The International Federation, the world's largest humanitarian network with some 20 million active volunteers world-wide, marked the end of the first ever UN International Year of Volunteers, on December 5, with a tribute to their work and a renewed commitment to provide more opportunities and a better future for volunteers. "Volunteers are our life blood. They are the moral and physical basis for our existence", said Federation Secretary General Didier Cherpitel. "Without them, National Societies cannot effectively implement assistance programmes and bring help to the most vulnerable. "
Among the concrete steps being taken by the Federation to strengthen its volunteer base are the establishment of regional networks to improve policies on volunteering; publishing a volunteer policy implementation guide; and setting up a legal committee on volunteering issues. The Federation is also in discussion with several other largevolunteer-related organisations on a coalition project to encourage governments to support better conditions for volunteering in their respective countries.
On December 5, at the UN General Assembly in New York, Ms. Mary DeKuyper, the National Chair of Volunteers of American Red Cross, and newly-elected member of the Federation's Youth Commission, spoke on behalf of the Federation. "Volunteer organizations cannot succeed alone. They need the support and co-operation of their governments in order to develop", noted Ms. DeKuyper. "Governments can create enabling conditions for volunteering by promoting volunteerism and establishing a solid legal framework."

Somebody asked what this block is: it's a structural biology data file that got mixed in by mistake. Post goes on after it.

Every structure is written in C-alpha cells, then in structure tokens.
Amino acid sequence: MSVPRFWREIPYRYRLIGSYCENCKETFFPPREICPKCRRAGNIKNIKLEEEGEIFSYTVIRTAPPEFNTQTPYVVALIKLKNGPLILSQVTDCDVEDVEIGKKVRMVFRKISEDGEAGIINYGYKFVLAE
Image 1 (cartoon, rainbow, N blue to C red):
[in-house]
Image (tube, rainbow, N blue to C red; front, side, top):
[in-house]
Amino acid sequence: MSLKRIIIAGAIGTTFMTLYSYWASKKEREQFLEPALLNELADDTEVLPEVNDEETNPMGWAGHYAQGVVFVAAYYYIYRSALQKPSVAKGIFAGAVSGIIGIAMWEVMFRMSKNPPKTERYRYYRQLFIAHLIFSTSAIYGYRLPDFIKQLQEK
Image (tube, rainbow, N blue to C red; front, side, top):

As one example of this type of dialogue, Ms DeKuyper referred to the decision by the Inter Parliamentarian Union, at its 105th Session in Havana in April 2000, to adopt a decision encouraging parliaments and the leading volunteer organizations in their countries to open dialogue on measures to improve volunteerism.
In his message to mark December 5, Federation President Juan Manuel Suárez del Toro pointed out that the year 2001 also marks the centenary of the first Nobel Peace Prize, co-awarded to Henry Dunant, the founder of the Red Cross Movement. "It was from his idea of recruiting and training volunteers to serve the vulnerable that the whole International Red Cross and Red Crescent Movement grew. In his name, we thank you all."
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